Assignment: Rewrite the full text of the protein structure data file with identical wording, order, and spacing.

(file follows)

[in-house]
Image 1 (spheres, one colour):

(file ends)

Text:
[in-house]
Image 1 (spheres, one colour):